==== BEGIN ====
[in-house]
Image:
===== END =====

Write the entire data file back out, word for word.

[in-house]
Image: